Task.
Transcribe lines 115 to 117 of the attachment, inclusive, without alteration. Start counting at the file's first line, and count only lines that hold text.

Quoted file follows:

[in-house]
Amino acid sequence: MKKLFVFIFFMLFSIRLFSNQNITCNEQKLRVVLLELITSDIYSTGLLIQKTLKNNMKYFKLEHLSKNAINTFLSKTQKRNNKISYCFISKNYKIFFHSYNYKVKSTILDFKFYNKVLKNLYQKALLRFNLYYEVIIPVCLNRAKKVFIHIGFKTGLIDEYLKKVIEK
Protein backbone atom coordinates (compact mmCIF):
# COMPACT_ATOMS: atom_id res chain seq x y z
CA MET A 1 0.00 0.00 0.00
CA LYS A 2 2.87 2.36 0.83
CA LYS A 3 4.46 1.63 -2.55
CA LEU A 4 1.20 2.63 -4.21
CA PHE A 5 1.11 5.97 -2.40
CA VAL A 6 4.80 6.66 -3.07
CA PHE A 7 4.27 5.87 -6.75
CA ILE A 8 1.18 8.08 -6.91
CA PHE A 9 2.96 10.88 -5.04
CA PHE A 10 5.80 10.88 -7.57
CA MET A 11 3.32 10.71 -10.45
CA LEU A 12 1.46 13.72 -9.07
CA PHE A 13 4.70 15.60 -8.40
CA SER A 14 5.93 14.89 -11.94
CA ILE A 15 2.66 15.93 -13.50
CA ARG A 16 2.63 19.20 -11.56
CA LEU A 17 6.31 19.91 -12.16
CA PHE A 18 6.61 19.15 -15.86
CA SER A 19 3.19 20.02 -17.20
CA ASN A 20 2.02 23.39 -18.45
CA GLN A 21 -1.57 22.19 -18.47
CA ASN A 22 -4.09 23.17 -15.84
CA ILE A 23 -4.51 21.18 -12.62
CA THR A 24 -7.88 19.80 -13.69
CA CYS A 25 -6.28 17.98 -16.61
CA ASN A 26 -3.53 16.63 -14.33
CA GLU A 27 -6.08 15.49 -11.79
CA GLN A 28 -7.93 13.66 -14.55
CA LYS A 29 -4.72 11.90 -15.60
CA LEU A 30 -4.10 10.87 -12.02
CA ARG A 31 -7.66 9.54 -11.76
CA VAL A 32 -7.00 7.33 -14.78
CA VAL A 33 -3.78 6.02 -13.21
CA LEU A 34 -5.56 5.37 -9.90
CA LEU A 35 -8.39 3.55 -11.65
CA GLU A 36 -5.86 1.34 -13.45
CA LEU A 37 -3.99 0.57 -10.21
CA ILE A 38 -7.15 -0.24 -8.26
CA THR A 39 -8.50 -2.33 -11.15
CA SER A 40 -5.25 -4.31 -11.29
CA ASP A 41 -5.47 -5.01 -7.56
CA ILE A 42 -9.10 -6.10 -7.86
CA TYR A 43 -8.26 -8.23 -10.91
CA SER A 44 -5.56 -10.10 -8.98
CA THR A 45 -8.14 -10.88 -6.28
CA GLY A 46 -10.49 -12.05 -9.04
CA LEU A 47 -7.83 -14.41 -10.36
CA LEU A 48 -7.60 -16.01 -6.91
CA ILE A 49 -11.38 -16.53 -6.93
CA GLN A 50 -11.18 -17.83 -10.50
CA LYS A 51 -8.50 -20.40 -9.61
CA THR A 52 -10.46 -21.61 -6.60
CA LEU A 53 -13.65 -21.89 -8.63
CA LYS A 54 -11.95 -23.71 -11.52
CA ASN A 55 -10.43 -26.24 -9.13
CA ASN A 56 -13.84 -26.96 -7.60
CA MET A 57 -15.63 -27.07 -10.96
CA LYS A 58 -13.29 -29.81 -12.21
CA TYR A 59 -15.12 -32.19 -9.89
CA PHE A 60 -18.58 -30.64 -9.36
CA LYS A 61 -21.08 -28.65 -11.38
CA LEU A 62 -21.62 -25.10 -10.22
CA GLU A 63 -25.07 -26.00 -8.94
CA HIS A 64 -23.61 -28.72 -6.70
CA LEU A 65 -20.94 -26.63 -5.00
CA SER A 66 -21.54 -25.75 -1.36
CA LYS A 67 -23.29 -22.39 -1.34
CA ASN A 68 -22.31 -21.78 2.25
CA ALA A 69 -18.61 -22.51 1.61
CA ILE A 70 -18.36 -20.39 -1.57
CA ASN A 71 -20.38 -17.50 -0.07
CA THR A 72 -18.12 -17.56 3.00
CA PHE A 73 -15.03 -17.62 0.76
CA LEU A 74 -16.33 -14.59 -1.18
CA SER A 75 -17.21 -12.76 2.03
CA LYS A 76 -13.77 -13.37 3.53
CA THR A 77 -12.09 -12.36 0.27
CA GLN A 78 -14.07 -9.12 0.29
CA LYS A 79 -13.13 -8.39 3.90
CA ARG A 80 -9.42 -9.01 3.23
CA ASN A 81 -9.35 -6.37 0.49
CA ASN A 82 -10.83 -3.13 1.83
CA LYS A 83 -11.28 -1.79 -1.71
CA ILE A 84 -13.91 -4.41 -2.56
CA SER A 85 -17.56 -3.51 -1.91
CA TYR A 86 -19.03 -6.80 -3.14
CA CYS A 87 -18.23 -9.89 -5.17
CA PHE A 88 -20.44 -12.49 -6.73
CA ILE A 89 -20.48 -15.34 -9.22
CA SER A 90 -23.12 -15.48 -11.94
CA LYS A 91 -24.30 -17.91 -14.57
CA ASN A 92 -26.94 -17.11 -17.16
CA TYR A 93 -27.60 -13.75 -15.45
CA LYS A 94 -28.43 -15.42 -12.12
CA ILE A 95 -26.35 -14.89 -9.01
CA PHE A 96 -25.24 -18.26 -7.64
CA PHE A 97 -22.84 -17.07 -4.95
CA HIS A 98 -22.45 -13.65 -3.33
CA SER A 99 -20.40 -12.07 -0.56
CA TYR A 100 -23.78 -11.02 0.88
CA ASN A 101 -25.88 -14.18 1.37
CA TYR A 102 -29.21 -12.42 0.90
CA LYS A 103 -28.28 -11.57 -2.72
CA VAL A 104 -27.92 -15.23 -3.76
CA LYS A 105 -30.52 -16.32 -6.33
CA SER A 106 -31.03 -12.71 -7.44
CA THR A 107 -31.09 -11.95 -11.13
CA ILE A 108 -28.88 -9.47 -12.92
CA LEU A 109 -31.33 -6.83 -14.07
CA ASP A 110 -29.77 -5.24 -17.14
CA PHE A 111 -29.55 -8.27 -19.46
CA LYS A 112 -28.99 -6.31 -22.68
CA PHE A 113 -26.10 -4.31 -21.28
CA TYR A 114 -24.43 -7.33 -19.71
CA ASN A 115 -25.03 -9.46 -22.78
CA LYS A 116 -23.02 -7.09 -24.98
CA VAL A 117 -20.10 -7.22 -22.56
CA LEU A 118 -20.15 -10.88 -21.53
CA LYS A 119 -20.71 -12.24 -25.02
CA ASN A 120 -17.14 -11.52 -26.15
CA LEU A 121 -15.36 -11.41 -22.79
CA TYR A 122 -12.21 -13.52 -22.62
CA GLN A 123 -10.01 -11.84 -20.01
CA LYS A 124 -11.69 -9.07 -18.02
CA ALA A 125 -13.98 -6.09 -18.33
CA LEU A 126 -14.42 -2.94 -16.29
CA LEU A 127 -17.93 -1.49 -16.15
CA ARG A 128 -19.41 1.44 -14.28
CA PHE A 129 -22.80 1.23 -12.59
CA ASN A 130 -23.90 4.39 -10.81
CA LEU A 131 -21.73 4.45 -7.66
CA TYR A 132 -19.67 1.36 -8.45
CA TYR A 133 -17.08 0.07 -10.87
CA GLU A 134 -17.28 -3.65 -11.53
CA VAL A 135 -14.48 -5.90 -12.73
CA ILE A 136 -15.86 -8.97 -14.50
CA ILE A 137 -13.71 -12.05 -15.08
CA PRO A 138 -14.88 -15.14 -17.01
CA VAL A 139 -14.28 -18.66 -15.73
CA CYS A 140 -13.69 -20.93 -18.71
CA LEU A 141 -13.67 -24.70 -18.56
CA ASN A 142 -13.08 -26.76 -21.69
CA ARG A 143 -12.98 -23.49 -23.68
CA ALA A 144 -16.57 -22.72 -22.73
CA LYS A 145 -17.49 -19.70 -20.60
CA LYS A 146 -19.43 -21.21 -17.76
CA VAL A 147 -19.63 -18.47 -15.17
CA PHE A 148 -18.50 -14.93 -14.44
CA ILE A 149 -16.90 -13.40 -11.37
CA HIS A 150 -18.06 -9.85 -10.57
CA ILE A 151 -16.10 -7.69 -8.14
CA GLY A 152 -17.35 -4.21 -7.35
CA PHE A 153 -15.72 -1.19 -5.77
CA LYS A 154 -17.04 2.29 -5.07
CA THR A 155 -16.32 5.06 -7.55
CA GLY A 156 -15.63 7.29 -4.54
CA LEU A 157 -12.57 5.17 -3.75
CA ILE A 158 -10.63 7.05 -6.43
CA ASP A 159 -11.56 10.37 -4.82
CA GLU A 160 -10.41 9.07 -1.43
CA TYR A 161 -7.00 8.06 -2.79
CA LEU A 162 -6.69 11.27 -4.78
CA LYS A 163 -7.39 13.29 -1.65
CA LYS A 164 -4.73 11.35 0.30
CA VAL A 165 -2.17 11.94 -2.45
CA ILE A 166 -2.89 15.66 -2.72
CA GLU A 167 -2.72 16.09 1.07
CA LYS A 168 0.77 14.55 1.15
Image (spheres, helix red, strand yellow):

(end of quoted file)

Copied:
CA PHE A 111 -29.55 -8.27 -19.46
CA LYS A 112 -28.99 -6.31 -22.68
CA PHE A 113 -26.10 -4.31 -21.28